Some of the essays in this collection revisit such familiar topics as Germany's complex relationship with Dietrich, her ambiguous sexuality, her place in the lesbian archive, her star status, and her legendary legs, but with fresh critical perspective and an emphasis on historical background. Other essays establish new avenues for understanding Dietrich's persona. Among these are a reading of Marlene Dietrich's ABC--an eclectic autobiographical compendium containing Dietrich's thoughts on such diverse subjects as "steak," "Sternberg (Joseph von)," "Stravinsky," and "stupidity"--and an argument that Dietrich manipulated her voice--through her accent, sexual innuendo, and singing--as much as her visual image in order to convey a cosmopolitan world-weariness. Still other essays consider the specter of aging that loomed over Dietrich's career, as well as the many imitations of the Dietrich persona that have emerged since the star's death in 1992.
Contributors. Nora M. Alter, Steven Bach, Elisabeth Bronfen, Erica Carter, Mary R. Desjardins, Joseph Garncarz, Gerd Gemünden, Mary Beth Haralovich, Amelie Hastie, Lutz Koepnick, Alice A. Kuzniar, Amy Lawrence, Judith Mayne, Patrice Petro, Eric Rentschler, Gaylyn Studlar, Werner Sudendorf, Mark Williams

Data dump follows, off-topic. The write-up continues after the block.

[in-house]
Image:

Author: Gerd Gemünden
Publisher: Duke University Press
Binding Type: Paperback
Size: 9.15h x 6.32w x 1.06d
About the Author
Gerd Gemünden is the Ted and Helen Geisel Third Century Professor in the Humanities at Dartmouth College. He is the author of Framed Visions: Popular Culture, Americanization, and the Contemporary German and Austrian Imagination and coeditor of The Cinema of Wim Wenders: Image, Narrative, and the Postmodern Condition.
Mary R. Desjardins is Associate Professor of Film and Television Studies at Dartmouth College.